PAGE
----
With the stress of cleaning house, preparing dishes and beating early deadlines all looming over my head, it’s easy to forget what tomorrow’s holiday is about.
(Wait, you mean we’re not celebrating the wonders of turkey and pumpkin pie?)
While whipping together my great-grandmother’s broccoli casserole recipe that my grandmother passed down to my mother and now me, I also pondered my family ties. Even though we may have some discord, what family doesn’t? And though I am saddened to not spend tomorrow with my immediate family, I am grateful to see my parents this weekend, speak with relatives this week, and even to have known two great-grandmothers.
In fact, I even got a chuckle as I realized one common trait that’s been passed down for generations. For lack of a better word, let’s just call it “kookiness.” See, I notoriously misread recipes, using tablespoons instead of teaspoons or swapping ingredients. I thought I had all of the broccoli casserole ingredients together before I started cooking, but one of the steps said to add flour. I looked over the recipe list three, four, even five times, and did not see flour – so I called my grandmother. She answered my question (2 tablespoons) and explained that the original recipe she got from my Nonnie also didn’t have the flour, but that she just knows it by heart.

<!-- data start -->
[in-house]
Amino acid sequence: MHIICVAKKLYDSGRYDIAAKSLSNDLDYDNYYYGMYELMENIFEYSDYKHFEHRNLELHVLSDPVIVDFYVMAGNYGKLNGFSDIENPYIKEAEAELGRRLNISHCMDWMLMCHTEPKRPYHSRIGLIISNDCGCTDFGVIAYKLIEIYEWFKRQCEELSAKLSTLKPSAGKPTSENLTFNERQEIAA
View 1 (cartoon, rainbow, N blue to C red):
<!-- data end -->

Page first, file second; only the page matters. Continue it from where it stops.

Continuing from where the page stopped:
I guess culinary imperfections are a family trait, huh? That got me thinking about my family ties, even if I won’t be spending the day with my relatives. I’m grateful that I was raised in a loving, tight-knit family that supported my aspirations.
That got me thinking about how grateful I am to have a job in a down economy when the media is among the most damaged industries. When I put my problems into a world perspective, it forces me to realize that I (and many Americans) have great fortune in my life – another reason to give thanks.
This Thanksgiving, I’d like to wish happy holidays to you and yours, and put the question out there: What are you grateful for?